Sign in →

Test Code LMALP Malaria PCR with Parasitemia Reflex

Useful For

Detection of Plasmodium DNA and identification of the infecting species

 

An adjunct to conventional microscopy of Giemsa-stained films

 

Detection and confirmatory identification of Plasmodium species: Plasmodium falciparum, Plasmodium vivax, Plasmodium ovale, Plasmodium malariae, and Plasmodium knowlesi

Testing Algorithm

If positive, PARCT / Malaria Percent Parasitemia will be performed at an additional charge.

 

See Malaria Laboratory Testing Algorithm in Special Instructions.

Method Name

Real-Time Polymerase Chain Reaction (PCR)/DNA Probe Hybridization

Reporting Name

Malaria PCR with Parasitemia Reflex

Specimen Type

Varies


Specimen Required


Forms: If not ordering electronically, complete, print, and send a Microbiology Request Form (T244) with the specimen (https://www.mayomedicallaboratories.com/it-mmfiles/Microbiology_Test_Request_Form.pdf).

 

Blood and slides are required.

 

Specimen Type: Blood

Container/Tube: Lavender top (EDTA)

Specimen Volume: 3 mL

Collection Instructions:

1. Invert several times to mix blood.

2. Do not transfer blood to other containers. Send specimen in original tube.

Additional Information:

1. This test is not performed on a STAT basis and, therefore, should not be used as a primary screening test for malaria.

2. This test is used primarily for confirmation of a presumptive malaria diagnosis and determination of infecting Plasmodium species–particularly when the parasite morphology on traditional blood films is suboptimal.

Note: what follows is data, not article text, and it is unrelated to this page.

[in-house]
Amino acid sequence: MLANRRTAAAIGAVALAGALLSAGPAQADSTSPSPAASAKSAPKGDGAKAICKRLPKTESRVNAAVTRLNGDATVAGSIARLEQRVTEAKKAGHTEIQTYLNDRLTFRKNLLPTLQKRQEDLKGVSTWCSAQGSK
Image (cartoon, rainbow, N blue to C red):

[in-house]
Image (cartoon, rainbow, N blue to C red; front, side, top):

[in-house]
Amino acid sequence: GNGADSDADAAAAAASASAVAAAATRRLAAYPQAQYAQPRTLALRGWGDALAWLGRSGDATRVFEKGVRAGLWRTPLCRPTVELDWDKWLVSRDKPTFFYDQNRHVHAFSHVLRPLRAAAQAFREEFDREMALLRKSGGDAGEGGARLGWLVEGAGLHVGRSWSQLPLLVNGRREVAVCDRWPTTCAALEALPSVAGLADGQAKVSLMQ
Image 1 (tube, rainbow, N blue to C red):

3. Clients in the Rochester, MN area who are seeking a primary test for malaria and who can deliver the specimen within 4 hours of collection should order the MAL / Malaria/Babesia Smear.

4. Laboratories that are unable to deliver a specimen within 4 hours of collection should perform an initial screen for malaria and other blood parasites in their laboratory prior to sending a specimen to Mayo Medical Laboratories.

 

Specimen Type: Blood films

Container/Tube: Clean, grease-free slides in plastic slide container

Specimen Volume: 2 thin blood films and 2 thick blood films

Collection Instructions:

1. Blood films should be made from fresh blood using fingerstick or drops of blood from needle following venipuncture. However, EDTA anticoagulated blood is also acceptable. 

2. Prepare thin blood films as follows:

a. Prepare a thin film with a "feathered edge" that is no more than a single cell thick.

b. Allow the film to thoroughly air dry and then fix by briefly immersing in either absolute or 95% methyl alcohol.